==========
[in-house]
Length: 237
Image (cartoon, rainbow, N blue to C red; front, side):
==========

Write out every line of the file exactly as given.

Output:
[in-house]
Length: 237
Image (cartoon, rainbow, N blue to C red; front, side):